Finally, it should be noted that a lot of the confusion first-time readers of Newton have originates from the fact that Newton did not believe in real numbers. Historically, numbers were thought to only encompass natural numbers. Even fractions were just thought to be relations between numbers, and what we would consider real numbers were just relationships between geometric quantities. If you had two equal distances AB and CD, then the ratio of AB to CD would be called the "ratio of equality", which to them was quite a different concept from the number 1. The modern idea of real numbers (the idea, not the formal rigorous definition) originated with Rene Descartes, and probably the first serious mathematician to use it was Leibniz. That's why Leibniz's notation makes so much sense to us, whereas Newton seems to be speaking an alien geometric language going back to Euclid.
  8. Mar 14, 2012 #7


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    1. "Cajori is simply putting his modern gloss on Newton's words. "
    I don't see that motte's text at that place diverges from Cajori's at any substantial point.

    2. As for "less than any assignable" difference seems to me, at the most, that Newton didn't regard is particularly "meaningful" to talk about what sort of "magnitudes" remained, but that what mattered for calculational purposes, one might as well tret them as..0. This is NOT the same as declaring the actual existence of some numbers whose magnitudes ARE infinitesemal, in the way Leibniz did.
    Just that Newton refuses to take a position on that point.
    In this manner, he proceeds as the pragmatic physicist, and discards what he thinks of as "useless speculations".
    That he therefore can be justly charged of not having "thought through" what he actually has been saying, in a formalized, ultimately logically consistent manner is probably true, and you have made many interesting points here that I was unaware of, and has been significant in shifting my view somewhat. Thank you!

    Yet to me, Newton seems to hover, in an informal, brilliant manner, bridging the gap between the Greeks and us moderns, probably as alien to them as to us, throwing out various ideas that ultimately bore fruit. Leibniz "cleansed" some of newton's thinking by biting the bullet of the "infinitesemals", discarding the conception of the limiting process, while Newton himself wasn't quite ready to take the step away from the mingling of those two ideas.

    Or, something like that. He was an oddball. :smile:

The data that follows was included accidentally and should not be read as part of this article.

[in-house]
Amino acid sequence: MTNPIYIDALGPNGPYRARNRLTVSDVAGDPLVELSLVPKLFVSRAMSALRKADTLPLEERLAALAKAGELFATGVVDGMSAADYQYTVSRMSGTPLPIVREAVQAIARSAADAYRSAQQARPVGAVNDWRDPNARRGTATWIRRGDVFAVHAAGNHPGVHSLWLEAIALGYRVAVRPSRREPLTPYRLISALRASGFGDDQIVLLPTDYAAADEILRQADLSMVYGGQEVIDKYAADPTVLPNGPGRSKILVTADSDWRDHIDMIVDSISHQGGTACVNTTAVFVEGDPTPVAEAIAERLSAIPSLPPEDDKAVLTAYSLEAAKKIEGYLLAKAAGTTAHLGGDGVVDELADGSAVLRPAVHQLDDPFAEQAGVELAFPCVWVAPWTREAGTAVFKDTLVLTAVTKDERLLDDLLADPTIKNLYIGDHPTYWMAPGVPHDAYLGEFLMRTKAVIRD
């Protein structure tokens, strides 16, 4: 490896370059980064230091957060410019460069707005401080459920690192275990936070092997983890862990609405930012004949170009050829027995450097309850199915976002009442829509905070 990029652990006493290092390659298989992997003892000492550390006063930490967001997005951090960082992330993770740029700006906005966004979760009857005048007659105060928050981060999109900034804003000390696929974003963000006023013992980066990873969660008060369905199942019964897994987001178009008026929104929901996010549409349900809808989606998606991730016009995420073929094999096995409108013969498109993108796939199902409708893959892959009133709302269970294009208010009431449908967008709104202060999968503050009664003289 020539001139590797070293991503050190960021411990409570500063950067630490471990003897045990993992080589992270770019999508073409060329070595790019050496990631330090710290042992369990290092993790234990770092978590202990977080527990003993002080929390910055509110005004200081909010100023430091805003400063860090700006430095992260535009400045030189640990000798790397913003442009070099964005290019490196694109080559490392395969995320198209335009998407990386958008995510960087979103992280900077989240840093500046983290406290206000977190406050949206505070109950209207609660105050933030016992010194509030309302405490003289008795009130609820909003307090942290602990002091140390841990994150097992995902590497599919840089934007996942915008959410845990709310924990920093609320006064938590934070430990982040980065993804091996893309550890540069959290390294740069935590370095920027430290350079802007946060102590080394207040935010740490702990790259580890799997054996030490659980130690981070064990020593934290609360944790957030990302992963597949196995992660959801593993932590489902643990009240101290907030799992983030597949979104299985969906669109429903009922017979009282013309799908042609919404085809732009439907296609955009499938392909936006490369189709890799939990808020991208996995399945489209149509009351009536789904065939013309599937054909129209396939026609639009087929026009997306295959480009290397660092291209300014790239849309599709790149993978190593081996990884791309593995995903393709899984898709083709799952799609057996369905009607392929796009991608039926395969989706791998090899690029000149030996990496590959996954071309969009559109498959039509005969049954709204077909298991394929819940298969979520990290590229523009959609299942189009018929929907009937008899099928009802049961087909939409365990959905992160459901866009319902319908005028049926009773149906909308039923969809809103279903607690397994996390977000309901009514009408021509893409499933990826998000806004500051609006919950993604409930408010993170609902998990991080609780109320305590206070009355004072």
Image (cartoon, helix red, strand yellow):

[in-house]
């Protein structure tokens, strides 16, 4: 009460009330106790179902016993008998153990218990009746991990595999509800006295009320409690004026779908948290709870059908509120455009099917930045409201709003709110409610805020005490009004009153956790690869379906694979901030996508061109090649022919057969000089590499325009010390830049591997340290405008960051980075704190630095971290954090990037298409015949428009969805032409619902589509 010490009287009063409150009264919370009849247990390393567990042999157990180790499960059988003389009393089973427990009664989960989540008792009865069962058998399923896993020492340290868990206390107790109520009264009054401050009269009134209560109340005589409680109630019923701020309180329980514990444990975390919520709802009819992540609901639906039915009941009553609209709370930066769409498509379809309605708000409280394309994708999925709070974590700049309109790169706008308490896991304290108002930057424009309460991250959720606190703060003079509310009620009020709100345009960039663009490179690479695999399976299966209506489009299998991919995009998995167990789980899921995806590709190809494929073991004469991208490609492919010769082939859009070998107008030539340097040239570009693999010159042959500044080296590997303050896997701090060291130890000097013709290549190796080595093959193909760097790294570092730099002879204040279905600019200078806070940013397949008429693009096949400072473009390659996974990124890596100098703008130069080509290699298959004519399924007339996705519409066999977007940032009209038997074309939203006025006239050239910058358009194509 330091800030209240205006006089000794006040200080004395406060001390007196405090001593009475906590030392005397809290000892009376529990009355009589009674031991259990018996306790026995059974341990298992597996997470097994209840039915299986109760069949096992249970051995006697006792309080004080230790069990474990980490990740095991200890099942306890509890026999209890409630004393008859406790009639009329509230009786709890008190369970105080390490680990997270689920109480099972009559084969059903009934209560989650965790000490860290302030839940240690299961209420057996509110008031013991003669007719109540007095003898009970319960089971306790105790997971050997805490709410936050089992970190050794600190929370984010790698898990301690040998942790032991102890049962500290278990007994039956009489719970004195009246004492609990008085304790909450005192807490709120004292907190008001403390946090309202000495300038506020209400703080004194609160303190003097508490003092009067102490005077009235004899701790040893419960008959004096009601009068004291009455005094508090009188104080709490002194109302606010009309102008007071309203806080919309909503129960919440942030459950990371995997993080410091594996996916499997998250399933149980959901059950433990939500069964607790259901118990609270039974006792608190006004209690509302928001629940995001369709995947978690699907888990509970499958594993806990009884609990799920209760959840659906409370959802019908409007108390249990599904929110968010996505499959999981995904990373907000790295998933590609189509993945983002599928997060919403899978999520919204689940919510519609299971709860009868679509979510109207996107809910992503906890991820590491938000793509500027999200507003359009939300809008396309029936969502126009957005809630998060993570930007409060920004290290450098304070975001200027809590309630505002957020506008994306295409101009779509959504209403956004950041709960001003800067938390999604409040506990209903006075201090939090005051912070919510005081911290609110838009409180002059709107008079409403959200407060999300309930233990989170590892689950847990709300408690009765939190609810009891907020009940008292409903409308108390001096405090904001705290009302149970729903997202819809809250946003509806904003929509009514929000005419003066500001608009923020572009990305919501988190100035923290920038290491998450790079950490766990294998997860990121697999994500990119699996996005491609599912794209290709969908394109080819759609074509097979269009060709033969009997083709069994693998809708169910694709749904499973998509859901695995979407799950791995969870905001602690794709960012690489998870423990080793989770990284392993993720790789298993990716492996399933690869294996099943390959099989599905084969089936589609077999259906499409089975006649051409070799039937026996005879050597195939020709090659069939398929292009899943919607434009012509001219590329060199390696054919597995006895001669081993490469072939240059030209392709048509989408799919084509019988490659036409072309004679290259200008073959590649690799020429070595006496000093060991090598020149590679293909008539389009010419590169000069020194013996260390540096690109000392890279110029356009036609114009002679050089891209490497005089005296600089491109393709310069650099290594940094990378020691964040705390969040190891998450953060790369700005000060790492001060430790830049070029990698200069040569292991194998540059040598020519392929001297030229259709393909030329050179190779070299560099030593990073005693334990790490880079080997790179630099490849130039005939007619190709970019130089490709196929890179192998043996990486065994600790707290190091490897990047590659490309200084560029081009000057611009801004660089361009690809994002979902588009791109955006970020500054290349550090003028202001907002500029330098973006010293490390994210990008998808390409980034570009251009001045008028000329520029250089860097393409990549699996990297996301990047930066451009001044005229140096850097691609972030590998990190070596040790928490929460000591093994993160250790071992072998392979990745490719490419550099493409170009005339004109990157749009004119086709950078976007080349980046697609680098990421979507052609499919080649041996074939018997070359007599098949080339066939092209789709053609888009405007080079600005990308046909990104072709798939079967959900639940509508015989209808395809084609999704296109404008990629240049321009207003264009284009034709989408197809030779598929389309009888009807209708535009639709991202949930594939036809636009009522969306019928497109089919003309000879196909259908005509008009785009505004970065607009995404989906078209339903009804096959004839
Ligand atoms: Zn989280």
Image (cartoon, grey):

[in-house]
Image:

9. Mar 14, 2012 #8
    It's true that Newton thought that for calculational purposes you can just plug in zero wherever you saw an infintesimal, because he thought that infinitesimal magnitudes were definitionally infinitely small, so they can be neglected or added at will. But as I said, if you read through the Principia you will find that Newton does believe that there are such things as infinitely small magnitudes, finite magnitudes, and infinitely large magnitudes.
    We have to careful here. There is indeed a sense in which Newton did not believe in infinitesimal numbers and Leibniz did. But that's only because Newton believed that only the natural numbers were numbers, and everything else we would consider numbers were just ratios, or relations, to him, and thus you couldn't just manipulate them algebraically willy nilly. As I said, he believed this even about what we would today call √2 and pi. But he did believe you can have things like infinitely small lengths and infinitely small ratios of lengths.

    Incidentally, you may be interested to know that since they didn't believe that ratios were numbers, it was very difficult to do things like add, subtract, or compare them. For this purpose, they would use the Eudoxian theory of proportions described in Euclid's Elements, which in modern language would say that two real numbers are equal if the same rational numbers are less than and greater than them, which was the inspiration of Dedekind's construction of the real numbers. I just found a brief explanation here.
    As I said, I think neither Newton or Leibniz conceived of the limiting process as staying finite, like we would today. I think the modern idea of a finite limiting process originated as a response to Bishop Berkeley's scathing attack in the Analyst, which rightly criticized the lack of rigor of both Newton and Leibniz.
  10. Mar 14, 2012 #9
    Nothing could be further from the truth. Newton was well aware of the logical difficulties of defining the limit of the difference quotient as a fraction. Over his career he tried several different approaches, without success, to try to make the derivative logically sound.

    It's true that mathematicians didn't have the tools to rigorously define the derivative. But it's NOT true that they were unaware of the problem. At least in Newton's case we can document his unsuccessful struggles trying to make logical sense of the limit of the difference quotient.

    Bishop Berkeley (British pronounciation "Barkley" like the basketball player) famously called dx and dy the "ghosts of departed quantities." Pretty good line, don't you think?

  11. Mar 14, 2012 #10
    I beat you to the Berkeley reference! :smile: I agree that Newton saw some of the logical difficulties with derivatives, and how in some sense it was like a trick to get away with dividing by zero; he discusses and responds to this issue in one scholium in the Principia. But I think he also had a clear notion that not all magnitudes were finite.